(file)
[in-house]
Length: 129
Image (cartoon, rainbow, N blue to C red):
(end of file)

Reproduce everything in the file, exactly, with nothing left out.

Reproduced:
[in-house]
Length: 129
Image (cartoon, rainbow, N blue to C red):